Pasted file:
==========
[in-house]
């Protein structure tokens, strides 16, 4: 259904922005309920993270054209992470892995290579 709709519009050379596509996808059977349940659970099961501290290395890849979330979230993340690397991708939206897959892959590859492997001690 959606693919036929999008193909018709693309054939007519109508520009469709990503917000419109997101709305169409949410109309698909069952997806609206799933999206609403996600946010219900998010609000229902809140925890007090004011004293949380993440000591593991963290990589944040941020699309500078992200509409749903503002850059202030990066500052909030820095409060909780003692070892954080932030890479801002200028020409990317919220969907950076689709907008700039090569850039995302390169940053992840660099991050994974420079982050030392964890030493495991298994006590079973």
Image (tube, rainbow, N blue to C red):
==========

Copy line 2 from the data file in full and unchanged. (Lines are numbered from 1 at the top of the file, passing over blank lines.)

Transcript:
């Protein structure tokens, strides 16, 4: 259904922005309920993270054209992470892995290579 709709519009050379596509996808059977349940659970099961501290290395890849979330979230993340690397991708939206897959892959590859492997001690 959606693919036929999008193909018709693309054939007519109508520009469709990503917000419109997101709305169409949410109309698909069952997806609206799933999206609403996600946010219900998010609000229902809140925890007090004011004293949380993440000591593991963290990589944040941020699309500078992200509409749903503002850059202030990066500052909030820095409060909780003692070892954080932030890479801002200028020409990317919220969907950076689709907008700039090569850039995302390169940053992840660099991050994974420079982050030392964890030493495991298994006590079973």